With GM’s Volt and Toyota’s Plug-In Prius coming to the market within the next two years, how soon can we expect plug-in hybrids to deliver on their social and ecological benefits? A new study by the National Academy of Sciences projects significant fuel savings and emissions reductions by 2030.
Is this soon enough? Some say this is a pessimistic, though realistic scenario. I believe, however, that the study makes some flawed assumptions and that it is still too early to predict market acceptance behavior.
According to the study, the main reason we should not expect significant penetration of plug-in hybrid vehicles before 2030 is the price differential. A plug-in hybrid with a 10-mile all electric range, such as the Toyota Plug-In Prius, is expected to add $6000 to the sticker price. A plug-in hybrid with a 40-mile all electric range, such as GM’s Volt, is expected to add $18,000 to the sticker price. Given current fuel prices and government support, the study projects 13 million plug-in hybrids by 2030 (out of 300 million vehicles).
There are some fundamental assumptions in this study, however, that I believe detract from the validity of this prediction. First of all, the study assumes that the price of oil will remain below four dollars a gallon in the United States up to 2030. This is highly unlikely, considering the recent volatile oil price hike of over four dollars a gallon in 2008.
The study also assumes that government support for plug-in vehicles will remain the same until 2030. Again, this is highly unlikely considering that government support has increased considerably for plug-in vehicles even within the last year. We should also keep in mind that current subsidies for the oil industry total $10 billion a year. Given the need for domestic energy security now and in the future, it is reasonable to foresee more of the oil subsidy funding going towards technologies that increase renewable electric generation and usage here in the United States.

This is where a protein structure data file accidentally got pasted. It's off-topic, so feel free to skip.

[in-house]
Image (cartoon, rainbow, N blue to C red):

So what is the more likely scenario for plug-in hybrids? To be honest, I believe that the price of oil (which is affected by global demand) will be the key determinant for market behavior towards plug-in hybrids. We have seen this to be the case with hybrid electric vehicles in the past. Within the past five years, Toyota has experienced demand for the Prius exceed supply during times of high oil prices.
It should also be noted that the authors of this study are also strong supporters of hydrogen fuel-cell electric vehicles. They argue that a portfolio approach, which includes biofuels, hydrogen fuel, and plug-in vehicles, offer the most potential for achieving fuel and emission savings. If this is the case, then the same obstacles for plug-in vehicles, sticker price and the need for more government support, also exist for biofuel and hydrogen fuel-cell vehicles.
Rather than singling out one technology for not having more near-term potential, it would have been wiser to look at the alternative vehicle technology sector as a whole. We have a new future ahead of us. We have a new generation of drivers who want more than just cheap mobility from a dirty energy source. This is the first time in automotive history that we have options to the highly inefficient internal combustion engine. Even if we only have 13,000,000 plug-in vehicles by 2030, I believe that is a remarkable achievement. It is the beginning of a more significant future for the automobile’s place in our society.
Shannon Arvizu is a Ph.D. Candidate in Environmental Sociology at Columbia University. You can find more cutting-edge analysis of the clean tech transportation field at www.misselectric.com.